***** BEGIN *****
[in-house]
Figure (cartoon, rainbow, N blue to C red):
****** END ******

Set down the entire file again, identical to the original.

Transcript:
[in-house]
Figure (cartoon, rainbow, N blue to C red):